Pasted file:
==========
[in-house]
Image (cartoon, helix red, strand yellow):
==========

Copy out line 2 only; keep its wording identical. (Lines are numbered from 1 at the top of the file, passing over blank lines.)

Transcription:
Image (cartoon, helix red, strand yellow):